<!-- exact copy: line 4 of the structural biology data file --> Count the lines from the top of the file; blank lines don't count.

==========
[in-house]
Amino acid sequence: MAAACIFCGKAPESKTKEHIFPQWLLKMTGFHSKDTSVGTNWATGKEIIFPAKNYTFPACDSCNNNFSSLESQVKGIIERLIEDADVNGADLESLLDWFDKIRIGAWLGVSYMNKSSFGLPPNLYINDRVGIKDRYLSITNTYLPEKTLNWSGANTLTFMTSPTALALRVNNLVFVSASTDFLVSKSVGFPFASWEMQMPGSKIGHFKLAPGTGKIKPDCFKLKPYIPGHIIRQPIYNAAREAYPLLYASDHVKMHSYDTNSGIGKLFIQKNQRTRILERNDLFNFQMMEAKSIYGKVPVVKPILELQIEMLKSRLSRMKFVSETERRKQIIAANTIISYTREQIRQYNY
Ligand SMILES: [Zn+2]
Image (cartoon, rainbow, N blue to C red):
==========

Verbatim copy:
Image (cartoon, rainbow, N blue to C red):